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Set by AlexDaniel on 12 June 2018.
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brrt \o 06:28
nwc10 o/ 06:30
brrt (and something more complex than add_i would have significantly more nodes, and as such have a much later overhead from a double-linked-list structure)
but the real reason is that I've started liking working with arrays much more in C, than with 'objects' 06:31
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brrt this is fascinating stuff, I think 06:43
they claim to have a 'safe' implementation of free() 06:44
and I believe them
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timotimo from just reading a little bit, it seems like it's kind-of-sort-of stochastically ensuring proper exceptions be thrown when deletes aren't correct, and also requires knowledge of what is or isn't pointers on the heap, much like a GC would do 09:59
i wonder how much faster it'd be to have a "shadow map" of memory that has 1s where the "real" memory has gc-managed pointers 10:00
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brrt it's funny (and somewhat annoying) how they refer to a 'strongly typed language' 13:48
as if strongly typed is well-defined
I expect better from microsoft research
(what they mean, in this case, is a dynamically typed language, in that the runtime maintains the type of the values)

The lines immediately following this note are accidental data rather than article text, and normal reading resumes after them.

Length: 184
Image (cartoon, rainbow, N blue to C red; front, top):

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dogbert17 jnthn: you around? 18:04
have a question regarding the Proc:Async example here: 18:05
is the handling of processes which take too long correct, i.e. what will happen after the 'Promise in(5)' block calls '$proc.kill'. Will the block in 'whenever signal(SIGTERM).merge: signal(SIGINT)' ever be called? 18:07
timotimo the process that's doing the .kill will not receive a signal
dogbert17 timotimo: who will receive it then?
if any
timotimo the process you've spawned receives what you do with proc.kill 18:08
the whenever signal(...) will receive signals you send to the perl6 process, for example by pressing ctrl-c or killing it from a process manager
i'm not sure it's possible to "receive signals for another process" easily
dogbert17 aha 18:09
so the when '$proc.kill' is called, from the 'Promise in(5)' block we'll jump directly to the 'whenever $proc.start' block? 18:10
timotimo indirectly, but yes 18:16
i mean, the process can ignore SIGHUP or react to it by doing stuff other than terminate 18:18
SIGKILL on the other hand doesn't give the process a chance to react at all
dogbert17 timotimo++ I believe I get it (famous last words) 18:20
timotimo your insight could surely be translated into a helpful piece of prose in the docs? :)
dogbert17 :) 18:21
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